A Tale of a new Home
My journey to Tokyo University of Foreign Studies (TUFS) in Japan started with the rigidities pertaining to Covid-19 clearance. I had to undergo a Covid-19 test a few hours to the flight. Upon arrival at Narita airport there was a very strict adherence to the standard operating procedures. Putting on a mask was a must and a long clearance process. I was declared covid free and I boarded a taxi to the nearby hotel (Hotel Mystays) for one night. It was a great night given the long flight from Doha. I loved the ambience in the hotel and the staffs were very courteous.
The ride to central Tokyo took about 2 hours and the driver was an elderly, experienced and very polite person. Like it was with all the Japanese I met, he gently bowed and in a husky voice ushered me into my residence on Palace Musashino10. It was at the residence where I first physically met with the kind and amiable Ms. Natsuko Midorikawa. She had all the supplies that I needed to settle in for my 14 day in-house quarantine. I had all the types of food stocked in the house that lasted the two weeks I was isolated.
Upon reporting to TUFS after the 14 days, I was received by Ms. Natsuko who introduced me to the Director of the African Study Centre Prof. Takeuchi. A chat with Prof. Takeuchi I found him a very well-informed professor with extensive knowledge of Africa. The centre is well stocked with a number of publications about Africa. I also met a few African scholars who were attached to the centre. I finally met my host Prof. Isao Murahashi and gave some lectures at Isao's class for undergraduate students. The class was rather interesting given that I was teaching in English when their language of instruction was Japanese. However, I found them very interesting and were asking very useful questions. The short movie clips in the lectures were particularly useful in making them understand the subject matter. The topic of the Lord's Resistance Army was very fascinating to the students; the fact that people can massacre fellow human beings in the 21st century. I also presented a paper on African borders. Being an online seminar, I had attendance all-over the world. The questions were inspiring and very thoughtful. I am now preparing the paper for publication.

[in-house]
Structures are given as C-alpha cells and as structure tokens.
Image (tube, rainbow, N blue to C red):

Tokyo was very exciting; I took a train ride to Akihabara popularly considered to be a major shopping centre for Japanese electronics and computers. Helped by my former Makerere student now based in Tokyo we toured the centre and I managed to buy a state of the art laptop, a model 2021 series. We toured different shopping centres in Akihabara and finally ended the day in a nightclub. It was a day worth the memory and I will recommend anyone visiting Tokyo to spare time and visit Akihabara.
I love Japanese food and particularly sushi - the traditional Japanese dish. I was taken for a dinner the day I presented a paper and I was full of expectation - to eat sushi. However it was nowhere to be served and my great friend Ran Muratsu promised to take me for lunch of sushi before I leave Tokyo. This happened a day before I flew back to my country; we went to a very beautiful restaurant that serves sushi. The restaurant had conveyor service where you place an order for the meal on a computer in your cubicle and the conveyor delivers it promptly in front of you. I was amazed and I ate to my fill. I swear I love sushi and would eat it again if I return to Japan.
Japan was marvellous and I enjoyed every second I was in Tokyo. The day I left, my amiable and generous friend Isao was at my door to take me up to central Tokyo. It was true I could have possibly failed to make it there alone but the smart organization at ASC made it possible for me to reach with ease. Isao was such a blessing to me and I trust our friendship will last forever. He boarded the train with me to central Tokyo, guided me to buy the bus ticket to the airport and saw me off in the airport bus. I left Japan but with a great sense of nostalgia, my new home in Tokyo, a place worth the visit, and place to collaborate with.